Archive for the ‘Residential Projects’ Category

Powered by the sun – via panels many miles away

Friday, September 26th, 2014

community-solar-farm-maineFalling prices for solar-electric panels are enticing Mainers who want to install them at their homes. That’s not an option, however, for Jim Atwell, an environmental engineer from Falmouth. He lives in a condominium, and the homeowners’ association won’t allow a solar array on the roof.

But starting next month, Atwell will begin meeting 80 percent of his annual electric demand with solar panels – installed 50 miles away on the roof of an old chicken barn in the Oxford Hills.

Atwell will become one of nine Mainers who are shareholders in the state’s first community solar farm. The farm is a shared solar project that feeds power from the sun into the electric grid. Each member owns a slice of the total power produced and gets a credit on his electric bill. After the initial investment is repaid, the shareholders’ electricity is essentially free.

Atwell’s 12 percent share in the project is costing him roughly $14,000, and he’ll save an estimated $1,100 a year on his bill. That’s a long payback, but money isn’t his primary motivator.

“This is proof of concept, and success will be nine happy customers,” said Fortunat Mueller, co-founder of ReVision Energy in Portland, which is developing the project. “But we’re excited about the long-term market potential. We want to make it easy and repeatable.”

Full article available here: http://www.pressherald.com/2014/09/22/powered-by-the-sun-via-panels-many-miles-away/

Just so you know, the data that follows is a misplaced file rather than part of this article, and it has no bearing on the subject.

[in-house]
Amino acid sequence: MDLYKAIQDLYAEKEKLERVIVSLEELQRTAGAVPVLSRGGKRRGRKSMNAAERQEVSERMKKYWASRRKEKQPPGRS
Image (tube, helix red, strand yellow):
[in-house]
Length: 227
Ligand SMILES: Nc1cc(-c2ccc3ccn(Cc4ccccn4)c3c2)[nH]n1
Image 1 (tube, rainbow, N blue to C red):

DownEast Magazine – A drafty saltbox has been remodeled into a cozy and highly energy-efficient home

Friday, September 26th, 2014

king-house-solarSolar technology has come a long way in the past few decades. Built overlooking a pond in Falmouth in the 1970s, this modified passive-solar saltbox was so drafty that “within 45 minutes of the sun setting, the house was cold as stone,” says owner Claudia King. In addition, the interior was dark and cheerless, barely offering a glimpse of the pond and cut off from the 10-acre property’s garden and fields by a scarcity of doors and windows.

King and her husband, Lindsey Tweed, hired Kaplan Thompson Architects and builder Dan Kolbert, both of Portland, to make the house more energy efficient and to improve the interior spaces and flow.

Because the project required gutting the entire structure, it would have cost less to build from scratch, King says, but “we liked our site, we wanted to use what we could, and we didn’t want to build something larger.”

Full article is available here: http://www.downeast.com/energy-efficient-maine-home/


Solar a “No Brainer” for Builders at Benjamin and Company

Monday, September 15th, 2014

Brunswick, Maine - Solar
A super efficient home built by Benjamin & Company for a homeowner in Brunswick, Maine.

We spoke with builder Ben Hemberger of Benjamin & Company about his high quality, energy efficient custom timber-frame home building business. We’ve collaborated with them on numerous projects where solar was integrated with the home design, and wanted to get a sense of what is drawing people in to build their homes better and when and how solar enters into the discussion.

Could you tell us a little bit about your background? How did you get interested in solar?